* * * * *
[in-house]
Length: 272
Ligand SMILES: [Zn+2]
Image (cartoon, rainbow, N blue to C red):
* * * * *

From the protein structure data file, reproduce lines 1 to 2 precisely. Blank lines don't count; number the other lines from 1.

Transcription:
[in-house]
Length: 272